Through this proposal, we aspire to create a robust regulatory framework that safeguards the welfare of dogs, promotes responsible ownership practices, and fosters a culture of accountability within the dog care community. By addressing the five key areas we aim to build a brighter future for dogs in the UK.

XL Bully Ban.jpg

Dog licensing research

The UK government have been presented with many pieces of research on dog legislation in recent years. Here are two examples:


Compelling research on dog licensing by Amity Shroads and Kat Gusarova.

The report found:

  • Substantial evidence exists that utilising visual identification as a way to determine breed, then using breed as a predictor for dog behaviour, is problematic.

  • Accurate identification of breed was able to be made in only 18% of 256 fatal bites. Of those 18%, 20 different breeds were represented. Therefore, it is not reliable to utilise the news media as a source of information regarding breed identification.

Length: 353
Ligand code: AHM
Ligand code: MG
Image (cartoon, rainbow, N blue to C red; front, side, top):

• Three years after enacting a dog licensing model, the city of Calgary reported the lowest amount of dog bites in 25 years; 137 in 2009. For comparison, the year of 1985 had 621 dog bites reported.


Government commissioned responsible dog ownership report 2021.

The recommendations from the report include:

  • Dog behavioural training similar to speed awareness courses as part of sentencing/contingent order/community protection notice (CPN) enforcement regime which would be compulsory in the event of a destruction order or contingent order being imposed by the courts. The training is designed to support dog owners to understand their responsibilities and develop best practice in dog control.

  • Improved recording of dog attack data and incident characteristics.

  • Introduce statutory enforcement duty.

  • New legal requirements on dog ownership which require all people about to own a dog to have a ‘clean’ record, i.e. there is no evidence of complaints regarding dog ownership against them.

bottom of page